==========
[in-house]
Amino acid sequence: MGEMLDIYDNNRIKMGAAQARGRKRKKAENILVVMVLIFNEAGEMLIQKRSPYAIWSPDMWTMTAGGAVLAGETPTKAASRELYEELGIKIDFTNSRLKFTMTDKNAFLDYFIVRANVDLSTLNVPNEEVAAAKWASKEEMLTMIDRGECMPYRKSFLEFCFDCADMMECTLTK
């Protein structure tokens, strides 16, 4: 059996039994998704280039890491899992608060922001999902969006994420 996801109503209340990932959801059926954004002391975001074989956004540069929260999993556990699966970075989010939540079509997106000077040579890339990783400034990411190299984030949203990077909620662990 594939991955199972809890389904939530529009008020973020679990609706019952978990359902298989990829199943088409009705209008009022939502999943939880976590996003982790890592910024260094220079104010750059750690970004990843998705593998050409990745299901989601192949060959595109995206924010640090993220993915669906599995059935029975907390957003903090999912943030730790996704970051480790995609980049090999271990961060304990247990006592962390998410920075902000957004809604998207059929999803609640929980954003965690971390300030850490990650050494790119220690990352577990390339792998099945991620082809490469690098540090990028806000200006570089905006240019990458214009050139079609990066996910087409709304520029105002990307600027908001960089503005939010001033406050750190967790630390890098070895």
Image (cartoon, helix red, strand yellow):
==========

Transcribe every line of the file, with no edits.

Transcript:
[in-house]
Amino acid sequence: MGEMLDIYDNNRIKMGAAQARGRKRKKAENILVVMVLIFNEAGEMLIQKRSPYAIWSPDMWTMTAGGAVLAGETPTKAASRELYEELGIKIDFTNSRLKFTMTDKNAFLDYFIVRANVDLSTLNVPNEEVAAAKWASKEEMLTMIDRGECMPYRKSFLEFCFDCADMMECTLTK
């Protein structure tokens, strides 16, 4: 059996039994998704280039890491899992608060922001999902969006994420 996801109503209340990932959801059926954004002391975001074989956004540069929260999993556990699966970075989010939540079509997106000077040579890339990783400034990411190299984030949203990077909620662990 594939991955199972809890389904939530529009008020973020679990609706019952978990359902298989990829199943088409009705209008009022939502999943939880976590996003982790890592910024260094220079104010750059750690970004990843998705593998050409990745299901989601192949060959595109995206924010640090993220993915669906599995059935029975907390957003903090999912943030730790996704970051480790995609980049090999271990961060304990247990006592962390998410920075902000957004809604998207059929999803609640929980954003965690971390300030850490990650050494790119220690990352577990390339792998099945991620082809490469690098540090990028806000200006570089905006240019990458214009050139079609990066996910087409709304520029105002990307600027908001960089503005939010001033406050750190967790630390890098070895």
Image (cartoon, helix red, strand yellow):